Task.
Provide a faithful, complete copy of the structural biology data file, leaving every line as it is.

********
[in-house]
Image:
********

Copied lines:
[in-house]
Image: